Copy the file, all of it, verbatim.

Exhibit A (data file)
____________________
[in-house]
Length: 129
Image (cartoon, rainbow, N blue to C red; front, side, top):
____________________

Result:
[in-house]
Length: 129
Image (cartoon, rainbow, N blue to C red; front, side, top):